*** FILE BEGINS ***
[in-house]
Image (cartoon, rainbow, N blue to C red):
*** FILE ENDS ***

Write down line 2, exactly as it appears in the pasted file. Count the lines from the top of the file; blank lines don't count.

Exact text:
Image (cartoon, rainbow, N blue to C red):